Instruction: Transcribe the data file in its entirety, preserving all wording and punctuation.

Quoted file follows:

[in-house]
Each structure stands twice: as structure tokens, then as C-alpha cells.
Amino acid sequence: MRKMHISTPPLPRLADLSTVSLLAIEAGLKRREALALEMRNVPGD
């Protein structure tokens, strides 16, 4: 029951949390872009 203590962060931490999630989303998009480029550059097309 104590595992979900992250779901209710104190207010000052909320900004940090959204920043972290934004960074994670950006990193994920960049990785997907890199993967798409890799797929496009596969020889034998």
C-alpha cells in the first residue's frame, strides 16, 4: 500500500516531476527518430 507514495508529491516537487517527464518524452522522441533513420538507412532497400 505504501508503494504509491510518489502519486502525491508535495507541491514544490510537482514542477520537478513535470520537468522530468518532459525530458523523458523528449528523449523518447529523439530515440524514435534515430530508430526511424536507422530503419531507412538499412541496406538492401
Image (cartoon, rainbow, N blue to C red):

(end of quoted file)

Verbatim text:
[in-house]
Each structure stands twice: as structure tokens, then as C-alpha cells.
Amino acid sequence: MRKMHISTPPLPRLADLSTVSLLAIEAGLKRREALALEMRNVPGD
């Protein structure tokens, strides 16, 4: 029951949390872009 203590962060931490999630989303998009480029550059097309 104590595992979900992250779901209710104190207010000052909320900004940090959204920043972290934004960074994670950006990193994920960049990785997907890199993967798409890799797929496009596969020889034998």
C-alpha cells in the first residue's frame, strides 16, 4: 500500500516531476527518430 507514495508529491516537487517527464518524452522522441533513420538507412532497400 505504501508503494504509491510518489502519486502525491508535495507541491514544490510537482514542477520537478513535470520537468522530468518532459525530458523523458523528449528523449523518447529523439530515440524514435534515430530508430526511424536507422530503419531507412538499412541496406538492401
Image (cartoon, rainbow, N blue to C red):